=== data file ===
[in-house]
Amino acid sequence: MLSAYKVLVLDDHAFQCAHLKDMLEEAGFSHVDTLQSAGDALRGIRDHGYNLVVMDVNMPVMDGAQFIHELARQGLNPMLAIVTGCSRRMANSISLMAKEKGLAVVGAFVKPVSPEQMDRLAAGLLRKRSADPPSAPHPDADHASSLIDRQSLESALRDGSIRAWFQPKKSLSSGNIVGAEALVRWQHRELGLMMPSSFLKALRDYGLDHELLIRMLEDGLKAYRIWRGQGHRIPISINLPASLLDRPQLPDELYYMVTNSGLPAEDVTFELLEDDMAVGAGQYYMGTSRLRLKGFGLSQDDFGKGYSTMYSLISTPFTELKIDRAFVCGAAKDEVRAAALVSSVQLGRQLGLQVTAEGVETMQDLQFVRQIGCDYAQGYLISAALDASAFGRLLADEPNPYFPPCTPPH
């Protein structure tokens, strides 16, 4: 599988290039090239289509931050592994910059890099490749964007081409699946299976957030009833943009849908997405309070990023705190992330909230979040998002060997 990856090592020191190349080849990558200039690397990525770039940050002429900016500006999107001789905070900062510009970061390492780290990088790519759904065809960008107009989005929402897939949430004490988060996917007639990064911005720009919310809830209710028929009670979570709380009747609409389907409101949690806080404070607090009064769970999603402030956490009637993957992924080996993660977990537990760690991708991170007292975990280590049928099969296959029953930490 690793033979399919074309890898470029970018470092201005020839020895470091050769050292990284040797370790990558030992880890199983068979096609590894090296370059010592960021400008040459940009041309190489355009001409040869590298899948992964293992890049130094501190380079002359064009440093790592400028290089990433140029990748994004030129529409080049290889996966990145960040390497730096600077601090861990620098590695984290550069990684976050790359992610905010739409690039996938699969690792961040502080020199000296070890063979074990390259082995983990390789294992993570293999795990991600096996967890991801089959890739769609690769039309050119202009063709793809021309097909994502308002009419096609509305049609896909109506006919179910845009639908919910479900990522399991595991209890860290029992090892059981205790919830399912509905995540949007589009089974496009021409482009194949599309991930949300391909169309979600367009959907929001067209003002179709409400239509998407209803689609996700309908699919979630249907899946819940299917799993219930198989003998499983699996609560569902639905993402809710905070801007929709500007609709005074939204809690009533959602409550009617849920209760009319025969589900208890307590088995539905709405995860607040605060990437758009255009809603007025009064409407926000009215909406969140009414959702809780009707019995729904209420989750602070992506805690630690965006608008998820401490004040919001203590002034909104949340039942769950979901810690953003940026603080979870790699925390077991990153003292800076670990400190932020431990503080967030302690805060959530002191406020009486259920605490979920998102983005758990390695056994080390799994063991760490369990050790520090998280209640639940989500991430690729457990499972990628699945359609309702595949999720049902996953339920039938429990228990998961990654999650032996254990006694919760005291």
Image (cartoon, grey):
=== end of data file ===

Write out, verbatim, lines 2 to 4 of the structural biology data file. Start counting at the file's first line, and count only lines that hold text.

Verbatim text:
Amino acid sequence: MLSAYKVLVLDDHAFQCAHLKDMLEEAGFSHVDTLQSAGDALRGIRDHGYNLVVMDVNMPVMDGAQFIHELARQGLNPMLAIVTGCSRRMANSISLMAKEKGLAVVGAFVKPVSPEQMDRLAAGLLRKRSADPPSAPHPDADHASSLIDRQSLESALRDGSIRAWFQPKKSLSSGNIVGAEALVRWQHRELGLMMPSSFLKALRDYGLDHELLIRMLEDGLKAYRIWRGQGHRIPISINLPASLLDRPQLPDELYYMVTNSGLPAEDVTFELLEDDMAVGAGQYYMGTSRLRLKGFGLSQDDFGKGYSTMYSLISTPFTELKIDRAFVCGAAKDEVRAAALVSSVQLGRQLGLQVTAEGVETMQDLQFVRQIGCDYAQGYLISAALDASAFGRLLADEPNPYFPPCTPPH
């Protein structure tokens, strides 16, 4: 599988290039090239289509931050592994910059890099490749964007081409699946299976957030009833943009849908997405309070990023705190992330909230979040998002060997 990856090592020191190349080849990558200039690397990525770039940050002429900016500006999107001789905070900062510009970061390492780290990088790519759904065809960008107009989005929402897939949430004490988060996917007639990064911005720009919310809830209710028929009670979570709380009747609409389907409101949690806080404070607090009064769970999603402030956490009637993957992924080996993660977990537990760690991708991170007292975990280590049928099969296959029953930490 690793033979399919074309890898470029970018470092201005020839020895470091050769050292990284040797370790990558030992880890199983068979096609590894090296370059010592960021400008040459940009041309190489355009001409040869590298899948992964293992890049130094501190380079002359064009440093790592400028290089990433140029990748994004030129529409080049290889996966990145960040390497730096600077601090861990620098590695984290550069990684976050790359992610905010739409690039996938699969690792961040502080020199000296070890063979074990390259082995983990390789294992993570293999795990991600096996967890991801089959890739769609690769039309050119202009063709793809021309097909994502308002009419096609509305049609896909109506006919179910845009639908919910479900990522399991595991209890860290029992090892059981205790919830399912509905995540949007589009089974496009021409482009194949599309991930949300391909169309979600367009959907929001067209003002179709409400239509998407209803689609996700309908699919979630249907899946819940299917799993219930198989003998499983699996609560569902639905993402809710905070801007929709500007609709005074939204809690009533959602409550009617849920209760009319025969589900208890307590088995539905709405995860607040605060990437758009255009809603007025009064409407926000009215909406969140009414959702809780009707019995729904209420989750602070992506805690630690965006608008998820401490004040919001203590002034909104949340039942769950979901810690953003940026603080979870790699925390077991990153003292800076670990400190932020431990503080967030302690805060959530002191406020009486259920605490979920998102983005758990390695056994080390799994063991760490369990050790520090998280209640639940989500991430690729457990499972990628699945359609309702595949999720049902996953339920039938429990228990998961990654999650032996254990006694919760005291």
Image (cartoon, grey):